October 16, 2011 in Features

Spotlight: Thin Air’s ‘Saranac surprise’

By The Spokesman-Review
 

April Smith and the Great Picture Show, the popular indie-pop-swing band out of New Jersey, delivered a swinging concert in front of 500-plus fans at the Bing Crosby Theater on Oct. 7 – and then Smith delivered a tantalizing invitation from the stage.

She announced she would play another show, for free, on Oct. 8 at the Saranac Public House, to support the KYRS-FM (Thin Air Radio) Fall Pledge Drive.

Word spread and the next day, Smith and the band played to a packed house at this new pub. They raised hundreds of dollars and did “a killer version of ‘I Put a Spell On You,’ ” among other songs, said Wayne Larson of Performance Please, who booked the Bing show.

Larson called it the “Saranac surprise.”

KYRS update

Speaking of KYRS, the station raised about $19,000 during its fall pledge drive. That means this low-power community station will soon be able to switch on its 88.1 FM signal and become a full-power station.

Station manager Lupito Flores said they are tentatively looking at a full-power launch on Friday, assuming all of the engineering work goes as planned. The translator at 92.3 FM will continue to operate after the switch.

The switch will certainly happen before Nov. 5, when an 88.1 FM launch party will be held at 7 p.m. at the Masonic Temple’s Falls Room, 1108 W. Riverside Ave.

The Flying Spiders, Folkinception and Nordman will perform. Tickets are $20, available by calling (509) 747-3012.

Flicker Film Festival

The annual Flicker Film Festival, scheduled Saturday at the Magic Lantern, 25 W. Main Ave., is a bit of a glorious throwback: a festival strictly for genuine film, as in, celluloid.

Not video. Not digital.

And it gets more vibrant every year. The organizers say that “each year we wonder if this will be the year we don’t get any film submissions,” and each year the number grows.

The Flicker Film Festival is strictly for films under 15 minutes. This year, they’ll have dozens of films from France, Germany, Hungary and farther afield.

In fact, there were so many quality submissions that for the first time, the festival will have three different programs – at 2, 6 and 10 p.m. – with no films repeated except two local films.

Some of the subjects: Gypsy caravans in the U.K., ice fishing, the BP oil spill and fruit flies.

Tickets are $7 per program. For more info, check out www.flickerspokane.com.

‘The Human Trace’

Speaking of the Magic Lantern, a feature by Spokane-based filmmaker Jason Satterlund will play there next weekend.

“The Human Trace” is a murder mystery written and directed by Satterlund, who operates Big Puddle Films in Spokane.

Satterlund made this low-budget movie in Nashville. He has since moved to Spokane.

Check the movie listings beginning Friday for show times. The filmmakers are scheduled for a Q-and-A session on Saturday.

Warren Miller slaloms in

Warren Miller will be back with his annual ski-snowboard film, “… Like There’s No Tomorrow,” on Nov. 3 and 4 at the Martin Woldson Theater at The Fox, 1001 W. Sprague Ave.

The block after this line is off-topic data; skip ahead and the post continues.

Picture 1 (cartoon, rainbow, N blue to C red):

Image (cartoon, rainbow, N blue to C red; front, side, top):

Expect a lot of gorgeous snowy scenery, exotic locations and audacious action shots. It’s a good way to get psyched for the ski season.

This is Miller’s 62nd annual winter sports film. Tickets are available through TicketsWest outlets (800-325-SEAT or www.ticketswest.com).

Holiday-themed theater

We have several upcoming events at local theaters, tied to Halloween and other holidays:

“An Evening of Edgar Allan Poe,” Friday, 7:30 p.m. at the Jacklin Arts and Cultural Center, 405 N. William St., Post Falls – Lake City Playhouse is producing a version of Poe’s “The Tell Tale Heart,” performed by George Green and narrated by Doug Dawson. There will also be readings of Poe’s poems, along with musical acts. Tickets are $10 in advance, available by calling (208) 667-1323, or $15 at the door.

“Murder at the Speakeasy,” Oct. 28-30, 6 p.m. at the Lion’s Share Theatre, 1627 N. Atlantic St. – This is a murder mystery dinner and show set in the roaring ’20s with a Halloween theme. Guests walk into the Lion’s Club, a fictional 1925 Spokane speakeasy. A mystery ensues. Dinner and show tickets are $40, available by calling (509) 327-1113.

“G.I. Holiday Jukebox,” Nov. 23-Dec. 25, Coeur d’Alene Resort, 115 S. Second St., Coeur d’Alene – The Coeur d’Alene Summer Theatre is producing this show about four fictional Hollywood stars putting on a show for the boys at the front during World War II. Tickets range from $18 to $20, available by calling (208) 769-7780 or at www.cdasummer theatre.com.

The Horse Thieves

The popular Spokane band The Horse Thieves is releasing not just one, but two full-length records on Friday.

Yep, two albums on one night. The CD release show begins at 8 p.m. at the Bing Crosby Theater, 901 W. Sprague Ave. You’ll get both albums with your ticket.

Tickets are $15 at the door, or $12 in advance at the Baby Bar, Mark’s Guitar Shop, 4000 Holes or through www.thehorsethieves.com.


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